Shale gas ‘could cut SA’s greenhouse gas emissions’
OVER time, South Africa switches from coal to shale gas for its energy, the country could reduce its greenhouse gas emissions, allowing the coal industry to benefit from the higher export prices for coal.
This is according to Energy Intensive User Group of Southern Africa spokesman Shaun Nel, who was commenting on research released by the Department of Environmental Affairs on Wednesday.
The research showed shale gas was better than coal from a greenhouse gas emissions point of view, when used to generate power or as a heating and cooking agent. It also showed its life-cycle emissions were similar to those of conventional gas if shale gas was responsibly extracted, and that converting shale gas to liquid fuel released more emissions than other liquid fuels already used.
Mr Nel said South Africa’s need for increased security of energy supply, along with its desire to keep an eye on energy costs and to curb emissions, meant the country had to “at least investigate shale”.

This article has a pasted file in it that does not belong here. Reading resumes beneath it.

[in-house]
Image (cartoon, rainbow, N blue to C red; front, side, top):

South Africa suffered its first blackouts in six years this month, when demand exceeded supply and Eskom resorted to load-shedding to avert a nationwide blackout.
Gas was a cheaper option than the mooted nuclear energy, Mr Nel said.
South Africa has postponed for about two years a decision on when to start building a planned 9,600MW of nuclear power generation capacity, estimated to cost about R1-trillion.
Although South Africa is responsible for less than 2% of global man-made greenhouse gas emissions, last year’s calculations by the US Energy Information Agency (EIA) showed South Africa to be the world’s
12th-largest greenhouse gas emitter. The country’s high emissions come primarily from its dependence on coal for more than 90% of its energy.
While President Jacob Zuma in his state of the nation address said shale gas could be a “game changer” for South Africa, the country has yet to prove its reserves despite the EIA’s estimate that these are about 480-trillion cubic feet. This was later changed to about 390-trillion cubic feet, in contrast to the Petroleum Agency of South Africa’s estimate of 40-trillion cubic feet.
Mr Nel said if South Africa switched from coal to gas, there would still be a global market for coal, and coal miners would get far higher prices on export.
The government and power utility Eskom have called for coal to be declared a “strategic resource” to secure supplies and force mine operators to process some output locally as its coal-fired power stations, which produce almost 90% of South Africa’s electricity, require a continuous supply.
World Wide Fund for Nature Living Planet unit head Saliem Fakir said the study was the first he had seen that looked at shale gas’s upstream and downstream emissions effects.
Business Day Live
28 March 2014